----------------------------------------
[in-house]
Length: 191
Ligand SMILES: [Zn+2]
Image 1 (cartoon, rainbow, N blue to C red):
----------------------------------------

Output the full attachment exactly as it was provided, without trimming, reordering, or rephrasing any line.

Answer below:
[in-house]
Length: 191
Ligand SMILES: [Zn+2]
Image 1 (cartoon, rainbow, N blue to C red):